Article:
“Unequal weights and unequal measures are both alike an abomination to the Lord.” – Proverbs 20:10
What if you had the ability to make the world a little more fair? What if you could apply a little pressure to help the good guys (you and me) come out on top a little more often? That’s tipping the scales. It doesn’t obliviate truth, it just…shifts the balance a little. God says twice in one chapter that he hates this. It’s not outright swindling and deception God says he hates here, but a shading of the truth, an adjustment of the balance. So what’s the big deal?
The big deal is that faith and justice are at stake. And God cares a lot about both of those things. The point of unequal weights and unequal measures was to give their user a slight advantage in his dealings. He would have a built-in margin. If you had these tools of transactional advantage, you were saying two things to God:
1) I don’t trust you to take care of me.
2) You don’t really see, or care, at least about the small stuff.
We are not usually taking a pair of scales into a marketplace, but the same principle applies. Every time we distort truth, every time we bend our presentations so we come out looking a little better than what we know to be true, we are using unequal weights. And we are saying the same things to God: “I can’t just allow things to rest in God’s hands. I won’t really be taken care of. I’ve got to do what it takes to get mine.” We are also discarding justice lightly. Maybe God cares about the big things, and maybe there’s a sort of what goes around comes around general karma, but minute details of justice don’t matter here.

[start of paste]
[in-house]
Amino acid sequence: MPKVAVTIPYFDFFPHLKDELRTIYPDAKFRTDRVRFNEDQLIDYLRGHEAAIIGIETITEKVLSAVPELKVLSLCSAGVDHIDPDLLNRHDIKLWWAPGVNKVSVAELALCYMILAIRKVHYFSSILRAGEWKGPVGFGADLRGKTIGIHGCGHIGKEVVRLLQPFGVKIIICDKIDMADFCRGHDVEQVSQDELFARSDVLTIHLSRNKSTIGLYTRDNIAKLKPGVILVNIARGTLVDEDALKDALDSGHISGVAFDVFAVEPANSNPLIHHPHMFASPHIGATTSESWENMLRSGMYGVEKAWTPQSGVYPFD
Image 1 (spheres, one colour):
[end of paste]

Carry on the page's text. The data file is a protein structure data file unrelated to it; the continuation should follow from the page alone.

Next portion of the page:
All of this doesn’t mean that you shouldn’t not look out for your own interests. When Jesus says that if someone wants to take away your tunic, give him your cloak as well (Mt 5:40), he isn’t suggesting you start signing your emails with your social security number. He is speaking there of an attitude of generosity. In this proverb, he is warning against gaining a deceptive advantage.
Let’s go one step beyond the issue of honesty in business, though. Let’s look at the heart. How do you evaluate or “weigh” yourself? Do you weigh yourself by the same standard that you use for other people? Or do you like to put a finger under the scale so that your failings appear to come out a little lighter? Do we give other people a fair hearing, or do we selectively hear and screen out things to make the final balance come out the way we want?
Why do we do these things? For the same reasons listed above. We don’t trust God. We don’t really believe the gospel. We think we have got to clean ourselves up, maybe not all the way, but at least show a polished up version of ourselves in order to be accepted. We need to tip the scales because God’s grace isn’t that big. We haven’t yet trusted God to take care of us fully because of who Jesus is, and what He did. Then we question how much God cares about the minutia of justice. In many senses, this is another version of the first problem. We do not believe in God’s perfect justice to those of us hidden in Christ, that even the tiniest details, He is giving us the undeserved merit that Jesus won for us.